The Capitol Dome--regular editions

Summer 2014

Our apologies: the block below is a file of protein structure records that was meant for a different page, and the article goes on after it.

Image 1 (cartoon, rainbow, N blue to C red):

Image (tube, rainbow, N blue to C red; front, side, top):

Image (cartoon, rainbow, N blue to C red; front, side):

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Congratulations to the 2 013 winners and to all those who took the time to compose and submit entries. The next M aking D emocracy Work Student E ssay Contest will be announced soon. D uring the May symposium, the U.S. Capitol Historical Society presented awards to the two first place winners of the 2013 Making Democracy Work Student Essay Contest, sponsored by Express Scripts. Andrew Tan, a student at La Entrada Middle School in Menlo Park, CA, won first place in the junior division (grades 6-8) with his essay, entitled "Democracy: Cohesion between People and Government." "America has survived and struggled through adversities to become one of the longest living democracies in the world," he observed, "because of its strong commit- ment to the Constitution, impartial application of the law, and unrestricted information from varying political opinions." Richard Alec Merski, a senior at James Madison High School in Vienna, VA, won first place in the senior division for his essay, "The Duties of Democracy: Reflections on a Citizen's Rights and Responsibilities," which reminds us of the cost of defending the rights enjoyed by citizens of the United States. "Liberty is never free," Merski writes. "The American demo- cratic experiment remains a fragile test of freedom against the threat of tyranny. To endure, it will need to be nurtured with dedication, vigilance, and the unrelenting resolve of its citizens to assume individual responsibility for safeguarding their enviable rights." Each student received a cash prize of $1,000 and a trip with their parents to accept the award and tour the historic sites of Washington, DC. In Merski's case, since he and his fam- ily reside in the area, he was awarded a trip to Boston. Each student's school also received a $1,000 award. In the junior division, Fafa Abena Nutor, a seventh-grade student at Kilbourne Middle School in Worthington, OH was awarded second place and earned a cash prize of $500. Her award- winning essay, "America: Freedom and Responsibility," reminds us of the cost of defending the rights enjoyed by citizens of the United States. The third place winner, Claire Carol Knutson of Chetek, WI, is a sixth grade student at Chetek-Weyerhaeuser High School/ Middle School; she earned a cash prize of $250. In her essay, "Constitutional Rights and Responsibilities of a U.S. Citizen," she reminds us how important it is to understand the rights and responsibilities of citizenship. In the senior division, Mahishan Gnanaseharan, a tenth-grader from West Orange, NJ who attends St. Benedict's Preparatory School in Newark, NJ, was awarded second place and earned a cash prize of $500. His essay, "Practicing Our Rights: A Historical Imperative," highlights the role of the individual citizen throughout American history. The third place win- ner, Seung Ho Lee, earned a cash prize of $250 and is an eleventh-grade student at Ridge- wood High School in Ridgewood, NJ. His essay, "Civic Virtues of Rights and Responsibili- ties," reminds us that "with each right we have, we have a corresponding responsibility to protect it." Student Awards Presented The essay contest winners with their families and USCHS President Ron Sarasin (center). Richard Alec Merski is second from left; Andrew Tan is second from right. 3

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